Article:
“We heard today … that changing our clocks twice a year severely impacts our health,” said Rep. Frank Pallone Jr. (D-N.J.), who chairs the committee. “And over the years, the science continues to get clearer that sleep is vital for our health and well-being … I haven’t decided yet if I want daylight or standard, but I don’t think we should go back and forth.”

Pallone after the hearing sent a request to the Transportation Department, which enforces the federal Uniform Time Act first enacted in 1966, asking for an analysis of the effects of changing the clocks. That analysis was promised in 2018 but never delivered to Congress, according to a letter Pallone’s office provided to The Washington Post.

Congress’s treatment of daylight saving time has sometimes been played for a joke, such as on HBO’s “Veep,” where an ambitious backbench lawmaker made ending it his top policy issue.

“The daylight saving time-loving bureaucrats have been punching a clock, on the taxpayers’ dime, for too long,” the fictional Rep. Jonah Ryan said at one rally. “Well now it’s time for me to punch a clock — with a hammer.”

But the issue is building real-world momentum, with lawmakers and analysts insisting that an end to the shifting is overdue. Sen. Marco Rubio (R-Fla.) last year reintroduced a bipartisan bill to make daylight saving time permanent, a position shared by Sen. Patty Murray (D-Wash.), who chairs the Senate’s Health, Education, Labor and Pensions Committee.

“My wife actually called it a ‘big little issue.’ … It affects everyone,” said Jim Reed, who directs energy issues for the National Conference of State Legislatures and has studied the policy, noting that 28 states are considering 68 different pieces of legislation that would address daylight saving time. “It does seem to be bipartisan, both at the congressional level and at the state level.”

While states can choose to adopt permanent standard time — as Arizona and Hawaii have done — it would take an act of Congress to allow states to adopt permanent daylight saving time, a fact that has repeatedly astounded lawmakers over the years.

“I was pretty surprised we had the power to change time itself,” said Rep. Jan Schakowsky (D-Ill.), who led the hearing, referencing her discovery at a years-ago vote on daylight saving time.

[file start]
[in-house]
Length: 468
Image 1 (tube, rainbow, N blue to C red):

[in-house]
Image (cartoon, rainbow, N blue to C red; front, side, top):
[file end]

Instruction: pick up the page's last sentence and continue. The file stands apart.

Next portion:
While Congress may control time, lawmakers and witnesses were still bound by it. Schakowsky paused the hearing for 33 minutes so members could cast votes on other issues, and she instructed witnesses to mind an on-screen alert “that will count down your remaining time.”

Some GOP lawmakers didn’t like how Congress was spending its time, arguing that Democrats should have focused first on the Ukraine conflict, inflation and other concerns.

“There remain many issues that this committee should be prioritizing before daylight saving, like unleashing American energy to help Ukraine and counter Russian aggression,” said Rep. Cathy McMorris Rodgers (Wash.), the committee’s top Republican.

But for 115 minutes Wednesday, the attention of dozens of lawmakers was mostly trained on the clock.

“This hearing could not be more timely,” said Rep. Debbie Dingell (D-Mich.), referencing Sunday’s time shift and the effect on small businesses, the economy and public health.

Sleep experts have encouraged Americans to gradually adjust their sleep ahead of this weekend’s shift to daylight saving time, saying that moving bedtimes forward 15 or 20 minutes the next few nights will cushion the one-hour shift scheduled for Sunday in 48 states.

Democrats changed the hearing’s start from 10:15 a.m. to 9:30 so they could leave for an event in Philadelphia in the afternoon, a time shift that caught one witness by surprise.

“Man, I would have loved that extra 45 minutes of sleep,” said Calandrillo, joining the hearing by video from the Seattle area. “I’m on the Pacific time.”

Erin Cox contributed to this report.